The June solstice is the Summer Solstice in the Northern Hemisphere and the Winter Solstice in the Southern Hemisphere. The date varies between June 20 and June 22, depending on the year, and which time zone you are in. The June Solstice this year (2016) in Universal Coordinated Time (UTC – formerly GMT) is on Monday, 20 June 2016 at 22:34 UTC, which is Monday, 20 June 2016, 23:34 BST in London, but on Tuesday, 21 June 2016 at 06:34 CST in Los Angeles. So when is it? The thing is that the exact time of the solstice is determined by the moment when the sun’s zenith is at its furthest point from the equator. On the June solstice, the sun reaches its northernmost point and the Earth’s North Pole tilts directly towards the sun, at about 23.4 degrees. It is also known as the northern solstice because it occurs when the sun is directly over the Tropic of Cancer in the Northern Hemisphere.
This means that, strictly speaking, the solstice is not really a day, but a moment in time. The day on which that moment in time occurs, however, is generally referred to as the solstice, and significant events take place on that day. Ancient cultures went to great lengths to calculate when solstices were to happen, especially the winter solstice. With days getting colder and nights getting longer, it’s comforting to know that things are going to turn around, and Spring is on its way. It’s a ridiculous modern chronocentrism (http://www.passionintellectpersistence.com/chronocentrism/ ) to believe that we are oh-so-smart and know better, but primitive peoples in the distant past thought that the sun was dying every winter and that they had to light big bonfires and perform superstitious magic to bring it back. Hogwash. People really aren’t that stupid. When the same thing happens year after year, you kinda get the idea. The numerous monuments all over the world, aligned to solstices, make it clear that ancient peoples knew what they were doing and were skilled observers.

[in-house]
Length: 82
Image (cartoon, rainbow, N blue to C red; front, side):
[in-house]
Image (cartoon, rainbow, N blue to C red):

Calculating an extremely precise moment for solstices (and equinoxes) is a function of modern astrophysics. I suspect that I am like most people who don’t really care when the exact point is, as long as I know roughly. When I lived in Buenos Aires my apartment had a great view of the setting sun, and because the sunsets were amazing, and different, every day, I got in the habit of photographing the sun every evening as it set. When you’ve done this for a year (and I did it for three – because I’m just a tad driven), you notice how days and nights lengthen and shorten, and how the position of the sun on the horizon shifts over the course of the year.
Naturally, around the solstices you are aware that the sun’s apparent movement along the horizon is changing direction. It’s not a blink-of-the-eye moment; it takes several days to notice. But it’s evident over time. It’s good if you have a specialist to tell you exactly when the change occurs, otherwise you end up saying “Oh, the sun is heading back in the other direction – damn, I missed the turning point !” It’s much better to be able to have a party right when the change is happening. Here’s a decent video explaining solstices and other stuff if you are interested. There’s a lot more here than just explaining the seasons https://www.youtube.com/watch?v=82p-DYgGFjI
When it comes to dating my blog posts I have several challenges. When does the June solstice occur this year, for example? In Italy, where I am now, it is today (20 June), but in California it is tomorrow by their reckoning. Sorry Californians – I’m going with where I am now. I liken this to figuring out when my birthday is (and when other people’s birthdays are). I was born at 9 pm on 30 March in Argentina. Obviously I don’t celebrate at exactly 9 pm Buenos Aires time; that’s going a bit far, even for me. If I were to, though, I’d have to figure out when it is 9 pm in Buenos Aires according to my current time zone. I am not that nuts. I celebrate my birthday from midnight to midnight where I am (and I try to wish people a happy birthday when it is the day of their birthday where they are). With blog posting, things are not quite so simple.